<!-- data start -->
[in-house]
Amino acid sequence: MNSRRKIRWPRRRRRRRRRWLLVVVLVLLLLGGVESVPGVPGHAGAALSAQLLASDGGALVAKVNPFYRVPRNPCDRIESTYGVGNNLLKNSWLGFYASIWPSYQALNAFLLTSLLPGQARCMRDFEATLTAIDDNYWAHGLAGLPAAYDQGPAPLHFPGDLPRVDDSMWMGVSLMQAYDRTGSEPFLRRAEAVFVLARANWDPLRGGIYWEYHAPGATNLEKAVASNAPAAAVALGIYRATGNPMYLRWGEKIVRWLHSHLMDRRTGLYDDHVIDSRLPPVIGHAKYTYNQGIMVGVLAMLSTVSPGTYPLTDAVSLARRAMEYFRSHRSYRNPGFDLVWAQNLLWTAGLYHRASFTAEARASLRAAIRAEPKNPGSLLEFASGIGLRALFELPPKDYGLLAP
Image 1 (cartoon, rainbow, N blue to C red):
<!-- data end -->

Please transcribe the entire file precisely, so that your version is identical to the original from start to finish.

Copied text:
[in-house]
Amino acid sequence: MNSRRKIRWPRRRRRRRRRWLLVVVLVLLLLGGVESVPGVPGHAGAALSAQLLASDGGALVAKVNPFYRVPRNPCDRIESTYGVGNNLLKNSWLGFYASIWPSYQALNAFLLTSLLPGQARCMRDFEATLTAIDDNYWAHGLAGLPAAYDQGPAPLHFPGDLPRVDDSMWMGVSLMQAYDRTGSEPFLRRAEAVFVLARANWDPLRGGIYWEYHAPGATNLEKAVASNAPAAAVALGIYRATGNPMYLRWGEKIVRWLHSHLMDRRTGLYDDHVIDSRLPPVIGHAKYTYNQGIMVGVLAMLSTVSPGTYPLTDAVSLARRAMEYFRSHRSYRNPGFDLVWAQNLLWTAGLYHRASFTAEARASLRAAIRAEPKNPGSLLEFASGIGLRALFELPPKDYGLLAP
Image 1 (cartoon, rainbow, N blue to C red):